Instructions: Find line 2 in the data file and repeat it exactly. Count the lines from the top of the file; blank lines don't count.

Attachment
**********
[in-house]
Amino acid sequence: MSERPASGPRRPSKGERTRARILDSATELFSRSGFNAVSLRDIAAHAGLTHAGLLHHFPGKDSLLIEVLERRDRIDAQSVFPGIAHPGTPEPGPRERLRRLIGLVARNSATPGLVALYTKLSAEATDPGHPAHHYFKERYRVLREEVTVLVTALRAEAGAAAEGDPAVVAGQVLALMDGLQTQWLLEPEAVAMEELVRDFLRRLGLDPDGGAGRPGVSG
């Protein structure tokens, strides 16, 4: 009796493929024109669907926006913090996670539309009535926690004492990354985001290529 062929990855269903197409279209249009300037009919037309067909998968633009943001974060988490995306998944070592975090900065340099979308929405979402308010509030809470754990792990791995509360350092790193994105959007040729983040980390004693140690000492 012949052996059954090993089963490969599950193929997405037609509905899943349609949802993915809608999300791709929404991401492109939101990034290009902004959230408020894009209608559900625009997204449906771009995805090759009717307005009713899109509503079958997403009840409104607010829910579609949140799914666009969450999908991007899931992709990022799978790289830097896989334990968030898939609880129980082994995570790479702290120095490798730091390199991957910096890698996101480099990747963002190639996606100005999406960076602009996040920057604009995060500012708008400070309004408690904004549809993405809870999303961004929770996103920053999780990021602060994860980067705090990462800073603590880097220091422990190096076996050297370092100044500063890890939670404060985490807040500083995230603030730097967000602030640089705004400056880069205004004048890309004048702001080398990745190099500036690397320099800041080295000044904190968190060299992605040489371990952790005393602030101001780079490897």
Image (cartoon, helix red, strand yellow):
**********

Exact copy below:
Amino acid sequence: MSERPASGPRRPSKGERTRARILDSATELFSRSGFNAVSLRDIAAHAGLTHAGLLHHFPGKDSLLIEVLERRDRIDAQSVFPGIAHPGTPEPGPRERLRRLIGLVARNSATPGLVALYTKLSAEATDPGHPAHHYFKERYRVLREEVTVLVTALRAEAGAAAEGDPAVVAGQVLALMDGLQTQWLLEPEAVAMEELVRDFLRRLGLDPDGGAGRPGVSG